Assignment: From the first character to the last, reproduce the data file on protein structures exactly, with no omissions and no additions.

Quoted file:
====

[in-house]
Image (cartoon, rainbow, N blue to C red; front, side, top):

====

[in-house]
Image (cartoon, rainbow, N blue to C red; front, side, top):